Then school ended. Life changed. Thankfully, for a couple years, I was able to mostly maintain my weight.

Then babies happened. My first pregnancy, I gained a bit too much weight, but it seemed to just melt off after I had my baby. One month post-partum, thanks to breastfeeding and some postpartum depression inhibiting my eating, I was back to my pre-pregnancy weight and feeling really good. Fast forward about 4 months, and things weren’t so easy. But with some frequent exercise, I was able to stay in a good place for me.

Fast forward now to pregnancy number two. I gained more weight. I couldn’t stop gaining weight. When I would see how much the scale went up at a doctor’s visit, I’d feel sad and go home and eat a cookie. Smart, right? I was only about 5 pounds over the maximum recommended weight gain, but I had started pregnancy about 5 pounds up from my usual desired weight, too. This time, the weight did not melt off after I had the baby. 6 weeks out, my 2 year old was pointing to my tummy and asking about baby sister. My baby is almost 11 months old now, and I’m still not where I’d like to be.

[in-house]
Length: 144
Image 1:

Recently, I’ve challenged myself to nine weeks of exercise and limiting treats to try and feel better about myself for a family cruise. So far, I’ve kept to my plan (gloriously pictured below). But I’ll admit, I don’t think I’ve lost a single pound. And I still crave chocolate EVERY SINGLE DAY.

My current exercise and diet challenge

That is more about my life and weight history than maybe you wanted to know. But I hope it shows that I can have some empathy about weight, diet, eating struggles, etc.

3) While I understand it is a very complicated, multi-faceted issue, I am a big proponent (on face value) of the movement of accepting one’s weight, even if you are fat (as discussed in the podcast). I have posted multiple times on this site about research showing that healthy choices at any weight are beneficial, how the number on a scale is just a number, and so much more. AND IT IS STILL TRUE! Might you be better off if you hadn’t gained 30 (or 50 or 100) extra pounds in the first place? Yes. But can you go back and change that? No. What you can change is the future – not gaining more weight, maybe losing some weight, maybe just making healthier lifestyle choices.